mkly replied on at Permalink Reply
mkly
Hi Everyone,
Good to hear your insight @Phallanx. I've made a note to bring up your suggestion about a marker for blocks that support(or do not support block caching).

I think what you are saying about FPC now solving one particular problem(server content without ever hitting the database), is pretty much where we are on that. We had a conversation about that yesterday and I brought up issues like paging not working with FPC and was told that people should simply not use FPC if they need stuff like that.

With that said, I don't really think FPC will be intended for the same general site use it once was. It is for highly static public sites with high traffic more than a general faster than block caching type use case. From what I understand at this point, the vast majority of sites probably will not have a use case for FPC and now depend mostly on the faster light block caching now implemented.

Best Wishes,
Mike
JohntheFish replied on at Permalink Reply
JohntheFish
Whilst there are plenty of places where I think the cache strategy fails to meet edge cases, the one I feel would really make a difference is site admin control of block caching.

Being able to switch off block caching in spite of what is coded into the original block controller, on a block-by-block or page-by-page basis, would mean that uses of a block that take it outside its cached capabilities would no longer result in block cache for the whole site needing to be regularly flushed or switched off.

In the other direction, I suspect there are blocks with caching disabled simply because the developer found an edge case that didn't fit in with the block cache, or simply decided to play it safe. So an ability for a site admin to force block caching on for a specific block could also be of benefit.

More generally, no matter how sophisticated a cache system is, it will never be perfect. Even if c5 was re-designed from the ground up about another new cache system it wouldn't be perfect. There will always be minor issues somewhere or other. Selective control of block caching would provide a 'get out of jail card' for such issues while waiting for the next version of c5 to fix them (or not fix them).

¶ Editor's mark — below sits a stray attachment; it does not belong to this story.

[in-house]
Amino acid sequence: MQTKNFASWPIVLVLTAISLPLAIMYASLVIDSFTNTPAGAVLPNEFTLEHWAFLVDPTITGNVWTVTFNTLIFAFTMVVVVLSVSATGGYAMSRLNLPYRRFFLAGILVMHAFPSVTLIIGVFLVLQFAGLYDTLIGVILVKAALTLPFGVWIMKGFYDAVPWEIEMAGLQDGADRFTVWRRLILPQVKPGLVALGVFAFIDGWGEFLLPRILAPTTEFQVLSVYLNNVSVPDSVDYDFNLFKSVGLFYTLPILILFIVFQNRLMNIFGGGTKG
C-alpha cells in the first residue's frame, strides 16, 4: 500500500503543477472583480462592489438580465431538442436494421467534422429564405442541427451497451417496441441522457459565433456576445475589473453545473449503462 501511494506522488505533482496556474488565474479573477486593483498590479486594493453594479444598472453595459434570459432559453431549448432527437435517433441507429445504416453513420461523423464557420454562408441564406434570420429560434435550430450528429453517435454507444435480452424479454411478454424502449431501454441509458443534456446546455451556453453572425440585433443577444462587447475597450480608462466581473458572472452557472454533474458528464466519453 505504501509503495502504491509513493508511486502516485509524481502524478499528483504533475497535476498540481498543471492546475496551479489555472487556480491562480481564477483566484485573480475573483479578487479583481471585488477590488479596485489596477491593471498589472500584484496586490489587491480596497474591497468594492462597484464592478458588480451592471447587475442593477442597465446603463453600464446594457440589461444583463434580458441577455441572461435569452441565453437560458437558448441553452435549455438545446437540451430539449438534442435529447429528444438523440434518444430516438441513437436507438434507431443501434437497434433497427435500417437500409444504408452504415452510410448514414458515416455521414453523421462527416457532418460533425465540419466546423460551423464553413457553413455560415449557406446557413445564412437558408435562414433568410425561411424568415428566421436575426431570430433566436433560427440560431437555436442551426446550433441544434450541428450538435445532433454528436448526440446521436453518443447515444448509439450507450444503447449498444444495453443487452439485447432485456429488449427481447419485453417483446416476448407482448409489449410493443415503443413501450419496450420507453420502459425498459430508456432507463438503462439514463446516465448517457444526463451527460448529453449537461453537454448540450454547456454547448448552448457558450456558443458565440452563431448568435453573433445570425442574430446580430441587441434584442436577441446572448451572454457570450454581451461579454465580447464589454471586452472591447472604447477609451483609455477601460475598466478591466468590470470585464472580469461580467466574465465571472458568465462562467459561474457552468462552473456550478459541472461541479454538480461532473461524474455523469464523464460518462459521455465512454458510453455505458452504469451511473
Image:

Phallanx replied on at Permalink Reply
Phallanx
@JohntheFish
Sorry. In my previous post "OnPageStart" should be On_Start.

</quote>
Being able to switch off block caching in spite of what is coded into the original block controller, on a block-by-block or page-by-page basis, would mean that uses of a block that take it outside its cached capabilities would no longer result in block cache for the whole site needing to be regularly flushed or switched off.
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This is what I was saying about confusing block cache with FPC. Please correct me if I'm wrong, but it seems that you believe that block cache caches a blocks content. It doesn't. All the settings in the block controller dictate under which conditions the FPC can cache the content. The block cache basically caches a list of all the php content of blocks for a page so that it doesn't have to find, load and regenerate the list of blocks on a page. Unless you dynamically change the block code, I sees no reason to not cache this data unless the blocks on the page are added or deleted (i.e.at edit time).

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In the other direction, I suspect there are blocks with caching disabled simply because the developer found an edge case that didn't fit in with the block cache, or simply decided to play it safe. So an ability for a site admin to force block caching on for a specific block could also be of benefit.
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This is why I suggest the markers on the block (not because of the block cache but because of the FPC-see above). If developers see that it is preventing FPC then maybe they will make more of an effort to understand the block variables that control it. Additionally. If there is a visual indicator that a block is preventing FPC then the PRB can request that a developer justify why a block is preventing it. Blocks playing nicely with FPC should be the norm IMHO and that is the responsibility of the developer rather than CC5.

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More generally, no matter how sophisticated a cache system is, it will never be perfect. Even if c5 was re-designed from the ground up about another new cache system it wouldn't be perfect. There will always be minor issues somewhere or other. Selective control of block caching would provide a 'get out of jail card' for such issues while waiting for the next version of c5 to fix them (or not fix them).